I have a busy data warehouse running ETLs once an hour.
I would like to run my data warehouse database server and SSIS on the same server. However I heard that the best practice is to separate Integration Service and database to different servers.
Is this correct? Why? Where can I find the official Microsoft information on the topic?
Thanks in advance
asked Mar 12 at 04:44 PM in Default
Yes, that's what I usually recommend. SSIS uses resources, like memory, outside of SQL Server so it can be difficult to manage both of them on the same box. It really comes down to the hardware you have available and what the work loads you have running on both SSIS and SQL Server.
Given you have a busy ELT process running fairly consistently, I would move it to its own server. This allows you to dedicate resources specifically to the ETL process without impeding on the performance of SQL Server.
Hope that helps!
answered Mar 12 at 07:23 PM
It depends. As always. Make sure to leave plenty of RAM to the operating system when you set max server memory in your SQL Server instance, as SSIS uses mainly memory as the resource for fairly simple dataflow tasks. It seems like you have already monitored CPU usage and found that the ETL process is not eating up all the CPU. In that case, I would test having them on the same box. SQL Server and SSIS does compete about the same resources, especially memory.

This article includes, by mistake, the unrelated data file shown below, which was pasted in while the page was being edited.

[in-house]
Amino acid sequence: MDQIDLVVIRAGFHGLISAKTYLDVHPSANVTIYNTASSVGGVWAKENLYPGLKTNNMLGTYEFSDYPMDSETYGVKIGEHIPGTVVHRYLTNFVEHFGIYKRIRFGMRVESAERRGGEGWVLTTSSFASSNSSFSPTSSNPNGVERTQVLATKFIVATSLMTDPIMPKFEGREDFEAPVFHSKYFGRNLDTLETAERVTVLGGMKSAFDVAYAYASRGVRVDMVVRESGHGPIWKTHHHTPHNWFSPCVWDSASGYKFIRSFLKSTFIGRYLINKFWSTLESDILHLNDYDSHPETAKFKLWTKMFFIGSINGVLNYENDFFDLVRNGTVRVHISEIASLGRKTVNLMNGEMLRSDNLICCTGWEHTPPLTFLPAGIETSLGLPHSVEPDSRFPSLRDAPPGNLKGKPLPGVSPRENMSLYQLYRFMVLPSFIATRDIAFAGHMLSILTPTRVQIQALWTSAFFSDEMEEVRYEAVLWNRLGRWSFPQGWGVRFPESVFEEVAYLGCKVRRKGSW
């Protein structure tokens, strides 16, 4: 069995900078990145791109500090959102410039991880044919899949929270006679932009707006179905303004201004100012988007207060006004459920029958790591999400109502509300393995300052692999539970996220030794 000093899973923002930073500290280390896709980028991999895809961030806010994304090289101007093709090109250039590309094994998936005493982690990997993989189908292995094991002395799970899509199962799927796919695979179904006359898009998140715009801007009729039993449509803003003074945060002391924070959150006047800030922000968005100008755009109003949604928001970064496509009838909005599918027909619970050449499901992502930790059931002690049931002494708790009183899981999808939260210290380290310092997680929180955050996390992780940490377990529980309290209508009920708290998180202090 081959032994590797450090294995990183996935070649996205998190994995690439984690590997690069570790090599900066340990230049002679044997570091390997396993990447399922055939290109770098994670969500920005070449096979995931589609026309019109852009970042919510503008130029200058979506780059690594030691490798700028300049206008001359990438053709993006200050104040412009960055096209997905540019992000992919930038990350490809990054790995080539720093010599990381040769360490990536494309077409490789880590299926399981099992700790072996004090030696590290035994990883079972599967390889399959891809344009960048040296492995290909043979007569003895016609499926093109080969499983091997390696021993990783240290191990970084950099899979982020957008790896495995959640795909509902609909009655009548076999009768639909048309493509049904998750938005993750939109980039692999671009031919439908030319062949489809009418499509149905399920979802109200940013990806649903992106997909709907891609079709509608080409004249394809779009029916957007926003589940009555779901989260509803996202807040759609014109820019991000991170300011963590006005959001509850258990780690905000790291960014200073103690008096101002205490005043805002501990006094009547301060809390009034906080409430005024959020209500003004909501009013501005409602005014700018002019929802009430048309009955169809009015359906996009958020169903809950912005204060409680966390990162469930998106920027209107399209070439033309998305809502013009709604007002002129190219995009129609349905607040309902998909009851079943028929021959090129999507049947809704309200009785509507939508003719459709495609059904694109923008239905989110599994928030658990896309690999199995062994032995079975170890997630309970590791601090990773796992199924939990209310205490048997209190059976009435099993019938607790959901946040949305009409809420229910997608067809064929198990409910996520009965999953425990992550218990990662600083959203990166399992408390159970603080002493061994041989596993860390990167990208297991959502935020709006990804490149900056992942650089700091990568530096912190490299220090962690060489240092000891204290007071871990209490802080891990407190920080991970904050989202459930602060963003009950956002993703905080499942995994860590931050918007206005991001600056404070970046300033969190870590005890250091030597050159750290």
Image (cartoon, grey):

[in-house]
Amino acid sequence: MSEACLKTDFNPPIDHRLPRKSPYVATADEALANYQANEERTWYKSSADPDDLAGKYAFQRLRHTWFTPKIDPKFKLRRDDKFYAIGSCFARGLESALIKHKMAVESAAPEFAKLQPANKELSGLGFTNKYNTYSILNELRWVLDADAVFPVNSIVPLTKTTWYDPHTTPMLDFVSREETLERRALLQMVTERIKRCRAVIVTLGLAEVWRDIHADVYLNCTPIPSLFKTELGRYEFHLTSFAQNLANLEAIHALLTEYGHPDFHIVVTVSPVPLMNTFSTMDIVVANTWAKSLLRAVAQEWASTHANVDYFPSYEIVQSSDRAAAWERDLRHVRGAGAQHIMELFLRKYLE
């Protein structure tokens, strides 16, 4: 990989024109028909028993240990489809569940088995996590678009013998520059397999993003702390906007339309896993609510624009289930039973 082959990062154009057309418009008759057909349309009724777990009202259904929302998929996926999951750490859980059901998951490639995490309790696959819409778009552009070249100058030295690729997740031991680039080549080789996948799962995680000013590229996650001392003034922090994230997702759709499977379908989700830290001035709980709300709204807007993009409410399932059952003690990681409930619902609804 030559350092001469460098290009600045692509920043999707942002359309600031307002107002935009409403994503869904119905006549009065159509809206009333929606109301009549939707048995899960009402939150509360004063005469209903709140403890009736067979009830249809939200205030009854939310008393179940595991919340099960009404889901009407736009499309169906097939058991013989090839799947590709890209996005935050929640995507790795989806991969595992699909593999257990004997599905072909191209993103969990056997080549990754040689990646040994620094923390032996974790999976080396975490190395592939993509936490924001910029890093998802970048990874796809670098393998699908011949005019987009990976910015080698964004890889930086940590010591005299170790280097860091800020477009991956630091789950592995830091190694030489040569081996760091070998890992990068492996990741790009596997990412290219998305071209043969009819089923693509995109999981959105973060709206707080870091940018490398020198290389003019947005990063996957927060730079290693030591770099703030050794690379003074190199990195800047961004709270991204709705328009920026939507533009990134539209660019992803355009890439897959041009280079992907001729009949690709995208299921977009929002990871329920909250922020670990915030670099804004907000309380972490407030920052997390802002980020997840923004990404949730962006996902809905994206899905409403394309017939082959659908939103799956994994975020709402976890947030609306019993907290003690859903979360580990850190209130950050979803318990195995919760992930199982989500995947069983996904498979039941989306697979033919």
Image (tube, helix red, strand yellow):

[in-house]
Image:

Before rebuilding the boxes completely, I would install Integration Services on the database box and run the ETL there for a while, but leaving the current ETL machine in standby to take over if you experience performance issues on the DWH database while doing ETL. So that you can quickly shift back. If you DON'T experience any performance degradation from moving ETL to the DWH box, then you can consider moving permanently and even boosting the performance in the box. In that case, I would start with adding the memory from the ETL box to the DWH box and see if that makes for a performance improvement or not. Adding CPU if you only use up 15% + 5% of the CPU you already have is just a waste of license money. Generally speaking, SQL Server tends to not use too much CPU, but that of course depends on the complexity of the queries you run. Same with SSIS. If you only have fairly simple dataflow tasks, memory is what you need. If you do complex transformations in your dataflow tasks and/or script tasks you might want to add CPU. But keep in mind that when it comes to SQL Server licensing - CPU cores is what you pay for. I've seen way too many SQL Server (dbengine, ssis, ssas etc) installations where there are 32 physical cores and the max CPU consumption is something like 10%, and that's during index maintenance windows when users's aren't using the databases anyway. I'd much rather have seen those license dollars spent on speedy disks and more RAM.
answered Mar 13 at 11:30 AM